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Gauss's law: Quiz


Question 1: However, Coulomb's law can be proven from Gauss's law if it is assumed, in addition, that the electric field from a ________ is spherically-symmetric (this assumption, like Coulomb's law itself, is exactly true if the charge is stationary, and approximately true if the charge is in motion).
Standard ModelElectronPhotonPoint particle

Question 2: The law was formulated by ________ in 1835, but was not published until 1867.
Carl Friedrich GaussJean le Rond d'AlembertBenjamin FranklinIsaac Newton

Question 3: where the left-hand side of the equation is a surface integral denoting the electric flux through a closed surface S, and the right-hand side of the equation is the total charge enclosed by S divided by the ________.
Maxwell's equationsFree spaceVacuum permeabilityVacuum permittivity

Question 4: The proof primarily involves the ________.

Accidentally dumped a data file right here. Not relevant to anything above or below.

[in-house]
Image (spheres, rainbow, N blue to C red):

IntegralLaplace operatorCalculusDivergence theorem

Question 5: The electric charge that arises in the simplest textbook situations would be classified as "free charge"—for example, the charge which is transferred in static electricity, or the charge on a ________ plate.
InductorElectronic componentCapacitorCapacitance

Question 6: The integral and differential forms are related by the ________, also called Gauss's theorem.
Divergence theoremSurface integralCalculusLaplace operator

Question 7: In physics, Gauss's law, also known as Gauss's flux theorem, is a law relating the distribution of ________ to the resulting electric field.
Electric currentMagnetic fieldElectromagnetismElectric charge

Question 8: In contrast, "bound charge" arises only in the context of ________ (polarizable) materials.
PermittivityMaxwell's equationsMetamaterialDielectric

Question 9: [1] It is one of the four Maxwell's equations, which form the basis of ________.
Liénard–Wiechert potentialElectromagnetic radiationElectromagnetismClassical electromagnetism

Question 10: In homogeneous, isotropic, nondispersive, ________, there is a nice, simple relationship between E and D:
Stress (mechanics)Linear elasticityHooke's lawContinuum mechanics


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